Table 2. Common species currently cultured in the U.S. Great Lakes states.

Common name Scientific name
Atlantic salmona Salmo salar
Chinook salmonb Oncorhynchus tshawytscha
Coho salmonb Oncorhynchus kisutch
Brown troutb Salmo trutta
Brook troutc Salvelinus fontinalis
Rainbow troutb Oncorhynchus mykiss
Northern Pike Esox lucius
Common carp (koi)b Cyprinus carpio
Triploid grass carpb Ctenopharyngodon idella
Goldfishb Carassius auratus
Channel catfish Ictalurus punctatus
Blue Catfishb Ictalurus furcatus
Hybrid Striped Bassd Morone spp. crosses
Largemouth bass Micropterus salmoides
Smallmouth bass Micropterus dolomieu
Common name Scientific name
Bluegill Lepomis macrochirus
Bluegill hybrids Lepomis spp. crosses
Redearb Lepomis microlophus
Black crappie Pomoxis nigromaculatus
Walleye Stizostedion vitreum
Yellow perch Perca flavescens
Tilapia of the generab Oreochromis, Sarotheradon, and Tilapia spp.
White sucker Catostomus commersoni
Fathead minnow Pimephales promelas
Golden shiner Notemigonus crysoleucas
Emerald shiner Notropis atherinoides
Crayfish Orconectes, Procambarus, and Cambarus spp.
Wild rice Zizania aquatica

aNative only to Lake Ontario; introduced into other Great Lakes
bNot native to any of the Great Lakes
cNative to all but Lake Erie where it was introduced
dWhite bass (Morone chrysops) native to all of the Great Lakes but striped bass (Morone saxatalis) native only to the St. Lawrence River

Unfortunately, most historical time-series data for both the quantity and economic value of private aquaculture in these states are generally lacking. There have been some trout data that dates back to the late 1980s collected by the U.S. Department of Agriculture's National Agricultural Statistics Service on four of the Great Lakes states: Wisconsin, Michigan, Pennsylvania, and New York. However, time-series data for other aquacultural species goes back only several years at best, and are available for only a few of the Great Lakes states. In our opinion, the data that does exist are minimal estimates of what is actually being produced and sold, and there are virtually no quantitative data for those non-food or non-sport aquatic organisms (e.g., ornamental fish, tropical aquaria organisms, and most aquatic plants) in the Great Lakes basin. It is believed that this sector of aquaculture is large and diffuse, and it is estimated that the value of this sector equals or exceeds the total combined value of all food and sport sectors of aquaculture.

In response to a growing interest to quantify the size of the private aquaculture industry, the National Agricultural Statistics Service is undertaking the first-ever comprehensive Census of Aquaculture for 1998. Survey forms were mailed out in December to the nation's aquaculture producers to collect data for the 1998 calendar year. The census will provide a benchmark of the industry's size and diversity. Results from this census will provide the only source of uniform, comprehensive data on production and sales of aquaculture products. The census will be conducted every five years or as the industry requires it. The 1998 Census of Aquaculture data will provide practical information to: (1) help producers understand their industry and decide which species to raise, (2) facilitate program planning by aquaculture organizations, Congress, and State governments that help aquaculture operators receive the most for their investments, (3) assist suppliers of materials and services to allocate and distribute their goods and make other management decisions, and (4) enable policymakers to evaluate programs affecting aquaculture production. Results from the 1998 Census of Aquaculture will be available beginning in the fall of 1999 for free on the Internet at http://www.usda.gov/nass/ and at selected universities, colleges, and public libraries.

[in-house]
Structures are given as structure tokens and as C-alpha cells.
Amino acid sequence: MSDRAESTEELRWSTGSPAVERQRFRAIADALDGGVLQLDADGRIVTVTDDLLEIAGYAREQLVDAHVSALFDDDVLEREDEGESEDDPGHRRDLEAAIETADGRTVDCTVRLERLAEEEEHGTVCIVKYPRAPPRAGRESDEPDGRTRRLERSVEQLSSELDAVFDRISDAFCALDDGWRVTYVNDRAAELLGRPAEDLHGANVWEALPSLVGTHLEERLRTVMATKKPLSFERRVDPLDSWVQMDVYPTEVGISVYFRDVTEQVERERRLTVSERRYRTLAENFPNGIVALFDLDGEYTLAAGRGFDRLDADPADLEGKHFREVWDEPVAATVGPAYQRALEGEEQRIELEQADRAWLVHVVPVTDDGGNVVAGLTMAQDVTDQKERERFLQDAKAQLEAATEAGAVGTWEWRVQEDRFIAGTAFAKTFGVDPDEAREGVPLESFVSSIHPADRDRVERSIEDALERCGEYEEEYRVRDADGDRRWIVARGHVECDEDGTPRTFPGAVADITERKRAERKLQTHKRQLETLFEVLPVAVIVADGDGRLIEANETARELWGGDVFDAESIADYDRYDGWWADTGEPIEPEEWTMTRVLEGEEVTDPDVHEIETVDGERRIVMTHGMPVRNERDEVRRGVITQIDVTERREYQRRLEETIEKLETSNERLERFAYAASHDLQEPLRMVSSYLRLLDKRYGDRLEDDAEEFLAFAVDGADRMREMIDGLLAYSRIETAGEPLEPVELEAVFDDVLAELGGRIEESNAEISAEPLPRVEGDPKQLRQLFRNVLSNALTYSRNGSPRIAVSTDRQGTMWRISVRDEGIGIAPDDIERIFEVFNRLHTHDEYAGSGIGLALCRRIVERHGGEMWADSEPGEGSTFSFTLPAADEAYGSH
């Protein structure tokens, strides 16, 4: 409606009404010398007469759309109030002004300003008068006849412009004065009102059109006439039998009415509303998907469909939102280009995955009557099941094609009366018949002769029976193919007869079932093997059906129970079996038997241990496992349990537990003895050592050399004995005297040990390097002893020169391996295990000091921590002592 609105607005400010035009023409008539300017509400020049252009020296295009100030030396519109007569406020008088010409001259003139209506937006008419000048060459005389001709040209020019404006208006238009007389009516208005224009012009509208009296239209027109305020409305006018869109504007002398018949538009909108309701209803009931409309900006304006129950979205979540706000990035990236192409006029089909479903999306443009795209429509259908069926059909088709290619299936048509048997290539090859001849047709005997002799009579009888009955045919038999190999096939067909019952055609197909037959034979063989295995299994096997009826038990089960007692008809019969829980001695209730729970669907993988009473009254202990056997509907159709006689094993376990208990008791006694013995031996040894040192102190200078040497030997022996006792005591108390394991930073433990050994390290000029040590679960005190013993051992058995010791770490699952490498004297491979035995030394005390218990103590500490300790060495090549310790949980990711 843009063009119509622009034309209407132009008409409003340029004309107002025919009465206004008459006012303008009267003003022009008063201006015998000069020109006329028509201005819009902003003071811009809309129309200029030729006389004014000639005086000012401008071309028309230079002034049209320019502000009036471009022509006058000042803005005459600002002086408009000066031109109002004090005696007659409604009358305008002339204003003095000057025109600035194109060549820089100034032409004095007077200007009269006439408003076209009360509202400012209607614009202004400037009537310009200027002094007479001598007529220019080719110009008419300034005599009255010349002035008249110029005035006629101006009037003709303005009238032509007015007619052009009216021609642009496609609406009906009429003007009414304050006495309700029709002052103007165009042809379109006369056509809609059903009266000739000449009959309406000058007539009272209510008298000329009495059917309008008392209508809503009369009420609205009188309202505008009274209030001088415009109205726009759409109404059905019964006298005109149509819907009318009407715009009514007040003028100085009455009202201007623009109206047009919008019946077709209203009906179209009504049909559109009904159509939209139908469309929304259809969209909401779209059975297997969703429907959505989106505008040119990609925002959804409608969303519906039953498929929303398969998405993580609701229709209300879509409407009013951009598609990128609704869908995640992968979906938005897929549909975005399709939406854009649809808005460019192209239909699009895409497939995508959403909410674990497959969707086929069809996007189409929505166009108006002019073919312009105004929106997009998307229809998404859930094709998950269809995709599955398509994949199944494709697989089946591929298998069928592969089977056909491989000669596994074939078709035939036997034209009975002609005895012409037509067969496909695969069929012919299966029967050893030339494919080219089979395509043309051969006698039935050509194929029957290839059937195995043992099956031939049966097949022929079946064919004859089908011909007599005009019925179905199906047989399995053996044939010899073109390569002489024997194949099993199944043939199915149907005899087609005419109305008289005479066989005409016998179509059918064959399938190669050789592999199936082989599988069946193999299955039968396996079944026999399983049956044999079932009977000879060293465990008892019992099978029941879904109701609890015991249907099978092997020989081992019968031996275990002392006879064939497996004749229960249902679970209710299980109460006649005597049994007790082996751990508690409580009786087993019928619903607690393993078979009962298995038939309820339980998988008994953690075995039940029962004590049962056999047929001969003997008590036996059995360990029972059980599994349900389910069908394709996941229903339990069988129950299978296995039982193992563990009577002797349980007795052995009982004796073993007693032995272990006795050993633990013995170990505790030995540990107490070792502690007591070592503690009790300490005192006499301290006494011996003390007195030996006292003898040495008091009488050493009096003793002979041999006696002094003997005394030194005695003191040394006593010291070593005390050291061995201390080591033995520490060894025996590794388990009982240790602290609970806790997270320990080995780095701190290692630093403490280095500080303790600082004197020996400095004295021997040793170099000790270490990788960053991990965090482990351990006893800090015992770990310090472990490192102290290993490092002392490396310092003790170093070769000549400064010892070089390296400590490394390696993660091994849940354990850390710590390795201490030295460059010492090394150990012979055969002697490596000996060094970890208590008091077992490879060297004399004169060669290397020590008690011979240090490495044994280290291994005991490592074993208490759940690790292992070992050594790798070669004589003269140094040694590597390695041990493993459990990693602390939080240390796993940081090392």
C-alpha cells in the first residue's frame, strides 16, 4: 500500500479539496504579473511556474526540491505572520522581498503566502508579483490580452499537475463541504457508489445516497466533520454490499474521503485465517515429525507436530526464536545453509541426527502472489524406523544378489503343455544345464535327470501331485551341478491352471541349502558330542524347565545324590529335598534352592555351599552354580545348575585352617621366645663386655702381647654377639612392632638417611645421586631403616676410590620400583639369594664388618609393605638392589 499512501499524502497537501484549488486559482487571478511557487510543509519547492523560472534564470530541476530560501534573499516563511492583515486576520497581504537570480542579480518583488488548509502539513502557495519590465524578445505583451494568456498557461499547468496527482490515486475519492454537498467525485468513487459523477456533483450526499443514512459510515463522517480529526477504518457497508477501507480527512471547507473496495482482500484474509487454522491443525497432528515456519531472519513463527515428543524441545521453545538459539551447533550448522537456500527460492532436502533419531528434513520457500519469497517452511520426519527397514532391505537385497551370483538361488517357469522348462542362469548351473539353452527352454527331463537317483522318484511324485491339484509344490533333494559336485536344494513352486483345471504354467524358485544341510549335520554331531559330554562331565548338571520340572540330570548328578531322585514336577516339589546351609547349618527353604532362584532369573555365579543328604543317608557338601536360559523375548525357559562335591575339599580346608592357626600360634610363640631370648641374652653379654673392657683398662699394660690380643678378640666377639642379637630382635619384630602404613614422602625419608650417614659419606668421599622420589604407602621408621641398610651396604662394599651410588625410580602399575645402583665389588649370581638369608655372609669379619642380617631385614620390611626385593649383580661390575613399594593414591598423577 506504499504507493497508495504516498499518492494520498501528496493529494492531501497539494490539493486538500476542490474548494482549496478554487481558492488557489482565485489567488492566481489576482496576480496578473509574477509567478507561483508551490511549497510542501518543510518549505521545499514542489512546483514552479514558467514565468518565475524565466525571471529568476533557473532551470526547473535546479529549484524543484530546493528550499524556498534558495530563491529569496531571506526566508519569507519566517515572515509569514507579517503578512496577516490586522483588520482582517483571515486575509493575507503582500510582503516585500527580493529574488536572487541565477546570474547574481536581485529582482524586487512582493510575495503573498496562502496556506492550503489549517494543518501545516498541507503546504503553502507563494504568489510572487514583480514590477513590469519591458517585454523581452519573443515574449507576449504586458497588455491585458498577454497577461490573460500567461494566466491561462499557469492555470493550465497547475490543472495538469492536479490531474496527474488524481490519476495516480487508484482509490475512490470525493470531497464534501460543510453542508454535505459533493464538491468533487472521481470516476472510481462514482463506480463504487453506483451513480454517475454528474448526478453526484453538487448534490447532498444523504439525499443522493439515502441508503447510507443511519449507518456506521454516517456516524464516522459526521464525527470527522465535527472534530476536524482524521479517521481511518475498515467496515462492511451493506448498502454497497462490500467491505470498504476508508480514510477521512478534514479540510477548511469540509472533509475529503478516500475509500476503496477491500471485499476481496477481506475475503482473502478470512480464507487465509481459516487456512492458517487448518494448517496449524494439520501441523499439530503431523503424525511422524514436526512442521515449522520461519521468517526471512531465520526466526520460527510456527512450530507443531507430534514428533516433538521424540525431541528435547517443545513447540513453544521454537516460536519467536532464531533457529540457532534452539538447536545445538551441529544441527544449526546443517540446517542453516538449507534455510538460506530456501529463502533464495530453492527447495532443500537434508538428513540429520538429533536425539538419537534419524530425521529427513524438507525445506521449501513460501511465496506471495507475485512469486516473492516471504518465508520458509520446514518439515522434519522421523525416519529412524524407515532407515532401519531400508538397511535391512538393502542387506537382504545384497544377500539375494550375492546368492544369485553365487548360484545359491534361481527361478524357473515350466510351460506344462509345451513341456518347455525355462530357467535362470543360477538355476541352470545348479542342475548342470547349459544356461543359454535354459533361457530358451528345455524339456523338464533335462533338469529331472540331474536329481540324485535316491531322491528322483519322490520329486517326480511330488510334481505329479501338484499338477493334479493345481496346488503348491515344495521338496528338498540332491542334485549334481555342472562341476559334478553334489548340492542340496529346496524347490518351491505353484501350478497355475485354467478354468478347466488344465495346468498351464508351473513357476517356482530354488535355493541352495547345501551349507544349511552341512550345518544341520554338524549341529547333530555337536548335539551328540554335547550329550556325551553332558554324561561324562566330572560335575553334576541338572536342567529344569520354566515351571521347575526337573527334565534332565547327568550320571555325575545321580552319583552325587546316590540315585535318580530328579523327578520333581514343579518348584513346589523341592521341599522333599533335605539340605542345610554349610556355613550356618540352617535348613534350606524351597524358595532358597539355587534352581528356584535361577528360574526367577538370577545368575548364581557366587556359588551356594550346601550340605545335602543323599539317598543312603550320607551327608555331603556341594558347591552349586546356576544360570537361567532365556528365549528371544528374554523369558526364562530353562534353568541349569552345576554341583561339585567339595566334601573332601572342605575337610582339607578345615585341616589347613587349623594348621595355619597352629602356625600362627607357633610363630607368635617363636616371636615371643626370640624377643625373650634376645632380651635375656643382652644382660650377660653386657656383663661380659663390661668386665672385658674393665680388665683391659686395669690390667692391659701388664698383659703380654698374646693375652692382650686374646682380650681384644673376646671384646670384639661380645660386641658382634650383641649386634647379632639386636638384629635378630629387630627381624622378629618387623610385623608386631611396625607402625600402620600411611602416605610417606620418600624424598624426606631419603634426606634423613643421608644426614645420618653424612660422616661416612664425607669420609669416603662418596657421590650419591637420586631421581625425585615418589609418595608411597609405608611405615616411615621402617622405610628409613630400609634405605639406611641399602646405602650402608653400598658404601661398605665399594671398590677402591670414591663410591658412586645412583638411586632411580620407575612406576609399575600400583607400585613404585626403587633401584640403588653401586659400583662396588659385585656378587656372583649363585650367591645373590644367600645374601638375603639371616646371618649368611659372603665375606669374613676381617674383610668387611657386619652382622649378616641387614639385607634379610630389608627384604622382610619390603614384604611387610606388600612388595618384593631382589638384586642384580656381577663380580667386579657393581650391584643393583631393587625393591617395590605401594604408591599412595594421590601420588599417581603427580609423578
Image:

Table 3 presents estimated values for the main types of cultured organisms in the Great Lakes states with most of the data being obtained through an informal survey of the industry. The total value for all cultured organisms for 1994 and/or 1995 is at least $54.4 million (U.S.).

Future Outlook for the U.S. Great Lakes States

What are outlooks for the future of private aquaculture in the Great Lakes states? The potential is great, but there is cautious optimism as to how the industry will grow and expand over the next five years and into the 21st century. There will be continued interest and support at the federal government level, but politics and the state of the economy will dictate the magnitude and intensity of support for industry growth. The U.S. Department of Agriculture Regional Aquaculture Center program will continue, probably at its current level of funding of about $4 million (U.S.) per year, which is equally divided amongst the five Centers. Hopefully a revised National Aquaculture Development Plan will be approved defining what the federal government can and should be doing to stimulate and support a competitive and sustainable U.S. aquaculture industry. It is also hoped that the growing interest on the part of the private sector and by many state agencies within the Great Lakes region will continue. Therefore, it is predicted that the industry should continue to grow, particularly for some of the emerging species such as yellow perch, walleye, hybrid striped bass, and tilapia. There appears to be good potential for growth in the recreational fishing sector. Production of bait for angling, ornamental fish and plants for water gardening, or stocking of public waters through privatizing the state and/or federal hatchery operations system, are all potential scenarios for restructuring of the region's aquaculture industry.